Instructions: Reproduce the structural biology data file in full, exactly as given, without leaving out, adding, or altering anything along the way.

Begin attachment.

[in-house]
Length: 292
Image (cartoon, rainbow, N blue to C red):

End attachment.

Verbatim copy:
[in-house]
Length: 292
Image (cartoon, rainbow, N blue to C red):